Monday, May 03, 2010

The Implementation of Volatile in the JVM

Scanning through the code between the JVM bytecode interpreter and the JIT compiler, I was perplexed to why an interpreter does not care to differentiate between a volatile memory field access to a non-volatile one, while a JIT actually emits special code to deal with it.

But after thinking though a while, I realise why this actually makes sense. Before we find out why an interpreter does not need to care about volatile semantics, we need to first understand the idea of causality, and then understand what the volatile keyword is for.

Lets start off with a very simple snippet of code:


a = 1
v1 = a


We expect v1 to have 1 because we put 1 into a, and then a into v1. The assignment of a = 1 necessarily orders before the operation of v1 = a. This necessity is termed as 'causal order'. Subsequently we use the notation a = 1 \rightarrow v1 = a to imply this causal ordering.

For illustration, we can show that not all program executions need to follow causal order:


a = 1
b = 2
v1 = a
v2 = b


Assuming that v1 and v2 needs to be assigned the value of a and b eventually, then there is a causal order such that the execution of the statement a = 1 \rightarrow v1 = a, and a causal order of b = 2 \rightarrow v2 = b. However there is no such requirement needed between the statement of a = 1 and b = 2. In fact, if we swapped the order around, the program will continue to execute fine:


b = 2
a = 1
v1 = a
v2 = b


As long as we don't break causal ordering, executions that has no causal order requirements have an interesting property of parallelism. We are able to break the such programs into separate parts and execute them in parallel and still be able to satisfy program requisites:

CPU1
CPU2
a = 1
b = 2
v1 = a
v2 = b

But with multi-processors, we can violate program determinism quite easily if we are not careful. Consider the following example:

CPU1
CPU2
a = 1
a = 2
v1 = a


In the absence of any ordering restrictions, we term the execution as concurrent; it is legal for the value of v1 to be either 1 or 2. In practice this value most likely be 1 because of cache locality, but this is not a guarantee. Even though executions between CPU1 and CPU2 can happen at exactly the same quantum, we treat such concurrent executions as if they are a special case of interleaving; either CPU1's executions always happen slightly before CPU2's executions, or CPU2's executions always happen slightly before CPU1's executions. Corollary: CPU1's and CPU2's executions never happen simultaneously, hence can be considered to be functionally equivalent to a multi-threaded application. This resulting execution is known to have a partial-ordering, ie, the execution between CPU1 and CPU2 can be interleaved in any possible permutations.

For compiled languages like C/C++, there is no implicit notion of concurrency; this is also true for a just-in-time compiler within Java. No notion of concurrency is fine and dandy on a 1-CPU machine architecture, but not so on a multi-processor system or in a language that has a notion of threads. Let's understand why by first examining a simple single-threaded code:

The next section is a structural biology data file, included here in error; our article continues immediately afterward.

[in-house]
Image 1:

a = 1
a = 2
v1 = a
v2 = a
if ( v1 == v2 ) {
v3 = true
}
return v3


If causal order is upheld, then naturally a = 1 \rightarrow a = 2 \Rightarrow v1 == v2 == a == 2. On a single-threaded execution that is causally ordered, the resulting execution is also totally ordered. Hence, an optimizing compiler may say, "hey, why don't I skip all the steps and assign v3 = true directly, since v1 == v2 always holds?". In the end, the compiler generates the code that looks like this:


v3 = true;
return v3; // or simply "return true;"


Now consider a similar, but multi-threaded code:

T1
T2
a = 1
a = 0
v1 = a
a = 2
v2 = a

if ( v1 == v2 )

{

v3 = true

}

return v3


Notice that both threads T1 and T2 still follows causal order. For T1, a = 1 \rightarrow v1 = a \rightarrow v2 = a, hence implies that v1 == v2 == 1. On T2, a = 0 \rightarrow a = 2 is shown as a trivial case of causal order. However, there is no total ordering enforced among the execution between the two threads.

For a given compiler, it is very difficult to be able to reason the ordering of execution across a number of threads, given each thread's execution sequence is normally examined in isolation. The reason for this limitation is simple: in order for a compiler to be able to optimise for causality safety, it needs to examine all executions across all threads; however it is theoretically possible for the number of threads to be (1) dynamically generated; (2) the number of threads generated to be unbounded and therefore infeasible to make such an analysis.

Usually the compiler will optimise on the assumption that causality safety is assumed, where the onus is on the programmer to indicate otherwise through the volatile keyword.

In the absence of the volatile keyword, the compiler is free to assume the following optimisation:

T1
T2
v3 = true
// does nothing, since a is unused
return v3; // or simply "return true";


Therefore, the volatile keyword means for all accesses of a, always emit the code for the accesses. By doing so, it retains the code's original execution and hence execution coherency.

This is also why the volatile semantics within an interpreter is always upheld.

As an interpreter always execute instructions line-by-line, therefore no inferences and optimisations actually occurs compared to compiled code. Thus the interpreter needs not enforce the volatile mechanic, so as long as the underlying machine architecture adheres to program causality.

And this behaviour should be safe on machine architectures like the x86, but on esoteric machine architectures that performs instruction reordering, eg. Alpha and Itanium, the interpreter may require some additional memory fencing instructions to ensure that volatile semantics are upheld.

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